Here’s a guest post from community organizer and sustainable agriculture advocate Tantoh Nforba. Hailing from Nkambe in the northwest of Cameroon, Tantoh has spent the past few years teaching community members environmentally-sensitive farming methods, and helps communities preserve clean water and prevent desertification by planting trees. Tantoh received recognition last year as part of the Tahoe-Baikal Institute’s summer exchange program, and subsequently founded a local group called Save Your Future Association. On World Environment Day, Tantoh took action in his community by planting the words “CO2 350 PPM” on an embankment in flowers. Here are a few words from him:
I designed this just two days before World Environment Day. Coincidentally, the slogan 350 CO2 was in line with the theme of this year’s WED. I organised a soccer match with another young environmental group in town, and we stopped by the site and talk about what I wrote in relation to the theme of WED. The match attracted many people from the village, and I had the opportunity to answer many questions about what CO2 350 PPM means.
The site is very strategic — it’s by the roadside and on a small slope. It is about 100m sq., and located in the heart of the town. We plowed the whole area and planted more than 50 roses seedlings from my small nursery. I hope to put a small lawn behind the flower design and plant a tree in the lawn with the community. By September, the flowers will have adapted very well and the design will be able to be read from a distance. I believe in symbolic and practical demonstrations like this — it makes sense to me since climate change is impacting my community. When the flower design is done, I will organize a talk about it at our local community radio station. That is the joy of being a volunteer to protect nature.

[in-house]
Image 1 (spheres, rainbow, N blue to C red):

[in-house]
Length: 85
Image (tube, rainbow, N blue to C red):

I am making arrangements for a 350 tree planting. We shall plant fruit trees as well as ornamental trees. I thought of fruit trees because besides helping with climate change, in the long run, it will provide income for the community, especially to the SYFA volunteers. Most of the natural trees will be planted in a spring catchment which is still to be decided, and some in schools and churches. These trees shall be bought from other nurseries out of Nkambe (about 180km on poor roads). I am still to start my own nursery behind the new SYFA Resource Center which we are aspiring to buy. We hope to plant all these trees this June so that they can adapt before the rains go away in October. If this planting is successful, I will choose another community to carry out same exercise with youth and children of the area.
I understand that the beginning is always difficult, but bit by bit, we shall reach the top of the mountain one day.